Question about Shaker Design

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Forum topic by Belle City Woodworking posted 02-28-2008 04:19 PM 1302 views 1 time favorited 9 replies Add to Favorites Watch
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Belle City Woodworking

353 posts in 3950 days

02-28-2008 04:19 PM

If you were going to make a shaker style table 24” x 24” how thick would you make the top? How wide would you make the apron? How wide would you make the Breadboard edge? And how tall would you make the legs. (Tapered) It will be used for a kitchen table. My Mom is relocating and she needs a small table for her kitchen and she likes the shaker style tables. Thanks in advance for your help!


-- Formerly known as John's Woodshop

9 replies so far

View Mario's profile


902 posts in 3985 days

#1 posted 02-28-2008 06:57 PM

View TampaTom's profile


74 posts in 3687 days

#2 posted 02-28-2008 09:59 PM

Thomas Moser wrote an excellent book on building Shaker furniture. I’m sure a quick stop to your local library will offer many different resources to search.

-- Tom's Workbench -

View Belle City Woodworking's profile

Belle City Woodworking

353 posts in 3950 days

#3 posted 02-28-2008 10:55 PM

Thanks for the advice guys.


-- Formerly known as John's Woodshop

View Karson's profile


35108 posts in 4334 days

#4 posted 02-28-2008 11:15 PM

Here’s a table that I’ve made with my son Daniel. They were made without breadboard edges.

The top on this table is 22” square, the apron is 4” wide, the legs are 1 1/2” wide at the top and tapering to 1” on the inside surfaces (the outer edges are straight. The top is 3/4” or so but it has a taper to 1/2” at the edge which gives it visually thinner top. It does not have a breadboard top. It is 30” tall to the top surface which is about what my kitchen table is.

If you make it a few inches wider you would have a little more room between the legs to get a chair and your grandmothers legs under the table.

The aprons are 15” long Shoulder to shoulder (visually) But they have tenons into the legs It is 18” to the outside of the legs.

Dan’s was made with white pine, I made mine out of cherry. Mine has a thicker top, closer to 1” thick. I didn’t see any need to planing the wood into sawdust.

Any questions send me a message.

-- I've been blessed with a father who liked to tinker in wood, and a wife who lets me tinker in wood. Southern Delaware soon moving to Virginia †

View CedarFreakCarl's profile


594 posts in 3987 days

#5 posted 02-29-2008 04:51 AM

Hi John, most of the smaller shaker tables didn’t have breadboards as far as I know. The bigger ones had breadboards to help keep the boards aligned. Anyhow, here’s one I made recently. Shaker Table. The legs are a little beefy, but I made it that way because it’s going to have to hold up a fish tank. Also, the top is 3/4” thick and the apron is 4 5/8”.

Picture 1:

Karson’s table legs are a little more typical in proportion as far as shaker design goes.

Todd Clippinger made a lovely hall/entry table that could be scaled to your specs. This is the one that inspired my version, but he says he doesn’t consider it shaker. Looks shaker to me, but I’m just an amateur.

-- Carl Rast, Pelion, SC

View gus's profile


5 posts in 3674 days

#6 posted 02-29-2008 05:03 AM

True about no breadboard edges on shaker tables. I love shaker – clean lines, functional design and more beautiful (to me) than a bunch of gingerbread you see on a lot of furniture.

Keep it simple, strong, built well, and designed for function first. To me that sums up shaker.

View Belle City Woodworking's profile

Belle City Woodworking

353 posts in 3950 days

#7 posted 02-29-2008 04:20 PM

What degree of taper should I use on the legs for a standard height dining table?


-- Formerly known as John's Woodshop

View CedarFreakCarl's profile


594 posts in 3987 days

#8 posted 02-29-2008 04:44 PM

John: The table I made went from 2 1/8” at the top and tapered down to 1 1/8” at the bottom, but like I said I was going to put a fish tank on it, so thats why the larger size. I think Karsons formula of 1 1/2” at the top down to 1” at the bottom should be fine as long as you use a strong hardwood such as oak. It depends on what the load is going to be. If you make it from pine, I’d upsize the legs for a kitchen table. Hope this helps.

-- Carl Rast, Pelion, SC

View RJones's profile


316 posts in 4089 days

#9 posted 03-03-2008 12:44 AM

I was actually fortunate enough to visit Hancock Shaker Village last October and get a bunch of photos and not to mention learn a great deal about thier furniture. I would agree with what Karson and Carl have mentioned. I too would keep the top @ 3/4” with a 4” apron. I might even go wider on the apron? I have a ZIP file with probably 50 or 60 photos if you would like shoot me an email and I will get them to you. With any luck I will be posting an article in the next couple weeks all about my visit so…



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